Keywords

Flatworm Embryology Ectolecithal Morphogenesis Organogenesis 

Notes

Acknowledgements

We thank B. Sjöstrand from the UCLA CHS electron microscopy services and N. Cortadellas, A. García and A. Rivera from UB Serveis Científico-Tècnics (Microscopia Electrònica) for technical assistance in preparing and analyzing TEM samples, and the anonymous reviewers whose constructive comments greatly improved this manuscript. A.C. thanks the Hartenstein lab and the Banerjee lab at UCLA for their kind assistance in every respect, and also the Romero lab at UB for their humor, technical expertise and patience. A.C. is recipient of a FPU grant from the Ministerio de Educación, Ciencia y Deportes, Spain. This research was supported by a grant from BMC2000-0546 (to R.R.) and NSF Grant IBN-0110715 (to V.H.).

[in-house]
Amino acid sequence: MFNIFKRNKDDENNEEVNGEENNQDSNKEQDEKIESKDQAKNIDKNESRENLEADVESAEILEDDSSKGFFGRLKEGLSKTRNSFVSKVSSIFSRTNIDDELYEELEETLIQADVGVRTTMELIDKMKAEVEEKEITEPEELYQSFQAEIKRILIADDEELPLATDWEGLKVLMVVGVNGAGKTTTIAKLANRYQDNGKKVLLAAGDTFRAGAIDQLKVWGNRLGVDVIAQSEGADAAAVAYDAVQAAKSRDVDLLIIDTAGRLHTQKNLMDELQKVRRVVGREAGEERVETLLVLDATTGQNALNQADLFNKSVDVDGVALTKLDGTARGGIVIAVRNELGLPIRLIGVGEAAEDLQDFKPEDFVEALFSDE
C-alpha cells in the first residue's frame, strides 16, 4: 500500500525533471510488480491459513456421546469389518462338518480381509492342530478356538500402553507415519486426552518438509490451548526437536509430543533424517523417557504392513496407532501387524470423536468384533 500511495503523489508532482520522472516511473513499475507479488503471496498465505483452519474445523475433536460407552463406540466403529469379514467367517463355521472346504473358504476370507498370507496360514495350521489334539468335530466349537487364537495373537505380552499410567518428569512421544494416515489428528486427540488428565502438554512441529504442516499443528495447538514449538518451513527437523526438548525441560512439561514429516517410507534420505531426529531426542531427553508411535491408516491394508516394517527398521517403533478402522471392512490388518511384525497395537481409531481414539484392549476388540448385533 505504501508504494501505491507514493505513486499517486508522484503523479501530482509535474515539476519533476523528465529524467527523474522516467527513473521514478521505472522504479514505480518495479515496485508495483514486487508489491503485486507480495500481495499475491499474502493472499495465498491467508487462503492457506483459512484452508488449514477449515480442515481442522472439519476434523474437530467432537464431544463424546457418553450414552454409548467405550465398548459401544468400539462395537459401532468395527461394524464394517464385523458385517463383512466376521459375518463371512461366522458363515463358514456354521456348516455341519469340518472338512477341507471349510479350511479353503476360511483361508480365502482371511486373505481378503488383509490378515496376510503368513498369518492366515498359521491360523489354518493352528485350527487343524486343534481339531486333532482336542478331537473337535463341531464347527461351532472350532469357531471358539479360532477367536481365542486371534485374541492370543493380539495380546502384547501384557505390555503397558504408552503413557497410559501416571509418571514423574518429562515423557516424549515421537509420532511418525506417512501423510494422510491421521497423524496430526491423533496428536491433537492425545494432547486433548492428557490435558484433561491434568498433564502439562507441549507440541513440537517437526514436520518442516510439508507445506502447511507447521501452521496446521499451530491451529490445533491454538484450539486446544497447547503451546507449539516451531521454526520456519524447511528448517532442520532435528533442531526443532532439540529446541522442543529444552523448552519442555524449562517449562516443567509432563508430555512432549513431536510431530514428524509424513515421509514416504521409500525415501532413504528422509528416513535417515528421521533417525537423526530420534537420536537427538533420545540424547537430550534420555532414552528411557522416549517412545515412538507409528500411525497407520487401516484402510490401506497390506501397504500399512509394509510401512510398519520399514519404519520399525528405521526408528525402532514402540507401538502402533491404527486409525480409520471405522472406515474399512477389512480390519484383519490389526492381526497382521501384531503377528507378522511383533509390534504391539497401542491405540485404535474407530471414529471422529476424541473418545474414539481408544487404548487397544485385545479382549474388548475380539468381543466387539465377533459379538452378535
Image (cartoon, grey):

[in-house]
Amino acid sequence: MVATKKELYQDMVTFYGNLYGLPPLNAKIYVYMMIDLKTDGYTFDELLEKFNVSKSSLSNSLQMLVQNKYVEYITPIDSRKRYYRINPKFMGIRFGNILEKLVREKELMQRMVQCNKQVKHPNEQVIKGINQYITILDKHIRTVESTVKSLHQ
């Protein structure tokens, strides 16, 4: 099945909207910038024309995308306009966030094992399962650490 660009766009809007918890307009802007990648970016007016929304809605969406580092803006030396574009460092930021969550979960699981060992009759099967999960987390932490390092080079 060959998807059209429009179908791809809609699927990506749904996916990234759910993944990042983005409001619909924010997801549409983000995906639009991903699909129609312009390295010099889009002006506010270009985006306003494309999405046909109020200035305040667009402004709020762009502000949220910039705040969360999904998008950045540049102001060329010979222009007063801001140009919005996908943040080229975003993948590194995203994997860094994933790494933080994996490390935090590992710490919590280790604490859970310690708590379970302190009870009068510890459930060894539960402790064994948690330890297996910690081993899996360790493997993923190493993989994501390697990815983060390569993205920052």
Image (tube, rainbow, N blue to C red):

References

  1. Abeloos M (1930) Recherches expérimentales sur la croissance et la régénération chez les planaires. Bull Biol Fr Belg 64(1)Google Scholar
  2. Agata K, Watanabe K (1999) Molecular and cellular aspects of planarian regeneration. Semin Cell Dev Biol 10:377–383PubMedGoogle Scholar
  3. Ax P (1995) Multicellular animals, vol 1. Fischer, StuttgartGoogle Scholar
  4. Baguñà J (1974) A demonstration of a peripheral and a gastrodermal nervous plexus in planarians. Zool Anz 193(3/4):240–244Google Scholar
  5. Baguñà J, Boyer CB (1990) Descriptive and experimental embryology of the turbellaria: present knowledge, open questions and future trends. In: Marthy HJ (ed) Experimental embryology, in aquatic plants and animals. Plenum, New York, pp 95–128Google Scholar